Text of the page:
Study Indicates Distractive Driving Increases Risk of Accidents

Study Indicates Distractive Driving Increases Risk of Accidents

A study by the National Institutes of Health and Virginia Tech concludes that "anything that takes a driver's eyes off the road can be dangerous" — and the study indicates that is occurring about 10 percent of the time.

Among the study's findings, based on the use of video technology and in-vehicle sensors, was the risk of distracted driving was greatest for newly licensed teen drivers, who were more likely than adults to be involved in a crash or near miss while texting or engaging in tasks secondary to driving.

Drivers eat, reach for the phone, text or otherwise take their eyes off the road about 10 percent of the time they are behind the wheel, according to the study, whose co-author, Bruce Simons-Morton, said, "Our study shows these distracting practices are especially risky for novice drivers who haven't developed sound safety judgment behind the wheel."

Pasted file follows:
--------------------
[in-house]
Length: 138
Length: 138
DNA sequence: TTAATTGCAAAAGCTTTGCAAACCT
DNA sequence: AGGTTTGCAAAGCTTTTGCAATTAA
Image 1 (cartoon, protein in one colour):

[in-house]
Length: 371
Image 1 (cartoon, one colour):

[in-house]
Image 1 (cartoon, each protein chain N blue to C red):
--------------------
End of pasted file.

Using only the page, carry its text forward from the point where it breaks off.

Although experienced adults were more than twice as likely to crash or have a near miss when dialing a cell phone, the study indicates they did not have an increased risk while engaging in other tasks secondary to driving. 

Novice teen drivers, on the other hand, were eight times more likely to crash or have a near miss when dialing; seven to eight times more likely when reaching for a phone or other objects; almost four times more likely when texting, and three times more likely when eating.

While the study concluded that talking on a cell phone did not increase risk among adult or teenage drivers, it suggests that licensing programs should restrict electronic use, especially among novice drivers.

The bottom line is that defensive driving has never been more important — especially during the summer when traffic increases substantially throughout the nation as families take to the road for vacations.